Aptitude receives $54 million for diagnostic platform￼
COVID is transitioning from a pandemic state to an endemic one and as a result, life is returning more and more back to normal.
Businesses are open, gatherings are no longer discouraged and people can enjoy many of the activities they enjoyed before 2020.
But while it may not be a pandemic anymore, tracking COVID and helping people diagnose themselves accurately and quickly so that they can get the correct treatment is still just as important.
Helping fulfill that goal is Aptitude Medical, who recently, on April 26, was awarded as much as $54 million from the Biomedical Advanced Research and Development Authority to fund its platform capable of developing over-the-counter molecular diagnostics capable of delivering lab-quality results in 15-30 minutes while approaching the cost of antigen tests.
“Those PCR antigen tests, they just aren’t very high performance. We see false positives, false negatives and when you’re talking about prescribing something like Paxlovid as a treatment, it’s more effective the earlier it is given, so this is still very important,” co-founder and CEO of Aptitude Medical, Scott Ferguson, told the Business Times.
“Diagnostics are still a critical element of delivering a health solution that can be effective in the face ongoing life with COVID and other diseases.”
Ferguson co-founded Aptitude with Jinpeng Wang and Jackson Gong back in 2011. The three met at UCSB as they were all looking to finish their Ph.D programs at the school.
A spin-out of UCSB, the trio have built Aptitude out to house 40 employees in its Goleta office and just recently announced its biggest win with that $54 million award from BARDA, a subsection of the Administration for Strategic Preparedness and Response within the U.S. Department of Health and Human Services.
The company has no plans to move from Santa Barbara either, with Ferguson stating it is “a great place to set up nurture and grow companies.”
The funding will leverage advancements achieved by Aptitude’s testing platform, Metrix, through $19.6 million in funding to develop and validate at-home COVID and COVID/Flu tests.
Just last year, Aptitude, mostly a pre-revenue company, saw its Metrix COVID-19 Test become the first product developed by the company to receive Emergency Use Authorization from the FDA. The funding will go toward getting the full authorization.
“I know we have been in what feels like stealth mode, but we are fortunate to have seen many wins in our time. We’re thrilled to work with BARDA and we’ve really just begun to warm up here so I think the future is very bright,” Ferguson said.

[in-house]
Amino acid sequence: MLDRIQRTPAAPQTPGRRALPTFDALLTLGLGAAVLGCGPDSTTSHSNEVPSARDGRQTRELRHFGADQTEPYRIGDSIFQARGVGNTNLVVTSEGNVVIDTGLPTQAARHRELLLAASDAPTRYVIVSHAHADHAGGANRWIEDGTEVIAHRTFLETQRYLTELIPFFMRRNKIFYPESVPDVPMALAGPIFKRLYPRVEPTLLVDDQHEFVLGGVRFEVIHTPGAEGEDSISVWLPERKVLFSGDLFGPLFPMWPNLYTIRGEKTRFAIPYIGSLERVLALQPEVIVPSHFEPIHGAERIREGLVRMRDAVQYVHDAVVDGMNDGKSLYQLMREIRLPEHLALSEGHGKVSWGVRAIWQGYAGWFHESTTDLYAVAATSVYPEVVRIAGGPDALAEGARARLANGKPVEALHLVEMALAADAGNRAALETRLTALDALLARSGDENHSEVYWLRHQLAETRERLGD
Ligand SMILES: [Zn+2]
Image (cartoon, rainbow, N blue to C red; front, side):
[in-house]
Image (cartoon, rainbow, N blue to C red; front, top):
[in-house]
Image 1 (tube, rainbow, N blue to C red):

The company’s Metrix COVID test was the first molecular test to become available on the market. It can use both saliva or swab samples to determine if one is sick and is about “1,000 times more sensitive than antigen tests.”
“That allows you to detect the disease earlier, it allows you to not have so many false positives or false negatives and you can use this on an asymptomatic population and get good high-quality results,” Ferguson said.
Though the Metrix test is still mostly just sold from business to business, the ultimate goal, Ferguson said, is to make it as accessible as current PCR tests for the average person.
“COVID has really changed and caused a fundamental shift in the healthcare landscape. For the past few years, we have had hundreds of millions of people run tests on themselves,” Ferguson said.
“This gives people the chance to take their health into their own hands.”
He mentioned that regulatory services, like the Federal Drug Administration, have also seen the positives of people being able to test themselves.
This means that the future could be one where, instead of someone waking up sick and just hoping and thinking it isn’t anything that serious, they could find out exactly what disease they have in as little as 15 minutes.
Because while about $20 million of that funding is for COVID, the other $34.1 million allocated is to develop additional multiplex tests for other infectious disease threats, something that Ferguson is excited about.
“The future of being able to access critical health information about yourself is bright and I think we’re headed into a more distributed healthcare model,” Ferguson said.
“This isn’t just for the 1% but for everyone and that’s the benefit of a lower cost, distributed electrodiagnostic solution that we’ve developed and this can be applicable in low and middle-income countries as well so more than just even the United States.”